Outcome measures

Primary outcomes were pain intensity quantified with a 10 cm visual analogue scale (VAS, 0-100 mm) [24] and self-reported pain disability assessed with an Iranian version of the Roland Morris Questionnaire (RDQ, 0-24 points) which is a reliable and valid instrument for measuring functional status in Persian-speaking patients with LBP [25, 26]. VAS scores were measured immediately before the first treatment and subsequently at one, two, three, four, five and ten weeks after the first treatment. RDQ scores were measured immediately before the first treatment and subsequently at five and ten weeks after the first treatment. Each VAS or RDQ score was measured immediately before treatment at the specified week [19, 27]. The concept of the minimal clinically important difference (MCID) [28], helped interpret changes in VAS and RDQ scores at the individual level. If available, MCID in these outcome measures were defined as a 2-point reduction on VAS and 2.5 points reduction on RDQ.

Statistical analysis

Data are presented as mean (SD). Statistica software (version 6.0, StatSoft, USA) was used in all statistical analyses. One-way analysis of variance (ANOVA) was performed followed by post-hoc Tukey's multiple comparison test (Statistica version 6.0) to determine significant differences in VAS and RDQ scores between groups. Independent t-test was used for comparison of VAS or RDQ scores between two different groups. Statistical significance level was set at P < 0.05.



Participants were recruited between May 2006 and February 2008. Of the 125 respondents, 84 (67.2%) met the inclusion criteria for participants. Four participants dropped out from the trial during the treatment due to lack of time (n = 2) and pain from acupuncture (n = 2). Follow-up measurements and analyses were performed on the remaining 80 participants who completed the study (Figure 1). There was no significant difference in baseline variables such as age, disease, VAS and RDQ scores between groups (Table 1).

Figure 1
figure 1

Participants flow in the study.

Changes in VAS scores for pain intensity

VAS scores for pain intensity decreased significantly in all treatment groups; however, the exact time course varied (Table 2). The BA group showed a significant decrease in VAS at one and two weeks of treatment compared to baseline (P < 0.001) and the control group (P = 0.008). Baclofen was more effective in pain reduction in the first week of treatment than in the second week (P = 0.04). VAS analysis in the BA group found no significant difference between baselines, three, four, five and ten weeks of treatment. Acupuncture significantly decreased the pain intensity after five weeks of treatment and this effect was stable up to the tenth week of the study. VAS demonstrated a significant decrease at the first week after treatment compared to baseline and control group (P = 0.009). VAS in the AC group decreased significantly at two, three, four and five weeks compared to baseline (P < 0.001) and one week of treatment (P = 0.02). Moreover, acupuncture reduced pain intensity more than baclofen at two, three, four and ten weeks of treatment. The BA+AC group showed a significant reduction in VAS at all time points of this study (P < 0.001). VAS scores were significantly lower in the BA+AC group than those in the AC group (P = 0.04) (Figure 2).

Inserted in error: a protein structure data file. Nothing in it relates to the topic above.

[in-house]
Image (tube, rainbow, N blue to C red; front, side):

Table 2 Pain intensity scores (VAS) in experimental groups
Figure 2
figure 2

VAS scores for pain intensity. (A) Comparison between control and AC, BA or BA+AC. (B) Comparison between AC, BA and BA+AC. * P < 0.05. ** P < 0.01. *** P < 0.001.

Changes in RDQ scores for pain disability

While the interventions decreased RDQ scores in all groups, the exact time course varied (Table 3). Baclofen administration significantly decreased the RDQ scores after five weeks of treatment compared to zero (P = 0.04) and ten weeks (P = 0.04). RDQ scores in the AC and BA+AC groups significantly decreased at both five and ten weeks compared to baseline (P < 0.001). There were significant decreases in RDQ scores in the AC and BA+AC groups compared to the BA group at five (P < 0.001) and ten weeks (P < 0.001). RDQ scores in the BA+AC group were also significantly lower than those in the AC group throughout the study (P = 0.04) (Figure 3).

Table 3 Ronald Morris Questionnaire (RDQ) scores in experimental groups
Figure 3
figure 3

RDQ scores for pain disability. (A) Comparison between control and AC, BA or BA+AC. (B) Comparison between AC, BA and BA+AC. * P < 0.05. *** P < 0.001.


The AC and BA+AC treatments for non-specific chronic LBP were more effective in pain reduction than baclofen treatment alone. Moreover, the anti-nociceptive effects in the AC and BA+AC groups were also more persistent at follow-ups. Acupuncture has demonstrated its potential as a promising treatment for chronic LBP [29, 30]. While a number of theories of how acupuncture may treat LBP are available, no accepted mechanism has emerged [30, 31]. Similar to descending inhibitory and/or diffuse noxious inhibitory controls in the central nervous system, acupuncture may stimulate the small-diameter afferent fibres, which then reduce the transmission of pain signals thereby inhibiting pain discrimination and perception [32]. Low back muscle spasm and muscle blood flow decrease are the main underlying causes of chronic LBP [33]. Acupuncture alleviates tension and improves blood flow in the treated muscles [34]. Thus, acupuncture treatment may improve lumbar function and reduce pain via increasing the blood flow to the affected region [35]. Non-benzodiazepine muscle relaxants are often used to treat non-specific LBP [36], as a gamma-aminobutyric acid (GABA) derivative with central nervous system action and a substance P antagonist [37, 38]. In this study baclofen (30 mg/day per oral) reduced the pain intensity but only effective in the first two weeks. These results are in line with a previous study that did not find significant and consistent decrease in pain intensity with baclofen treatment for chronic spastic pain [39]. Due to the controversies some practitioners are reluctant to prescribe baclofen to their patients [9]. Baclofen is effective for immediate pain relief [24], whereas acupuncture is effective to treat long-term pain and alleviate pain-related disabilities [27, 40, 41]. As baclofen treatment alone does not produce major functional benefits [42], combination treatment maybe an alternative [43]. This RCT does show that the BA+AC group had lower VAS and RDQ scores than other groups, i.e., the combined acupuncture and baclofen treatment is more effective to treat non- specific chronic LBP than either treatment alone [44].


The present study indicates that the combined treatment of acupuncture and baclofen is more effective than baclofen treatment alone to reduce pain in patients with non-specific chronic LBP.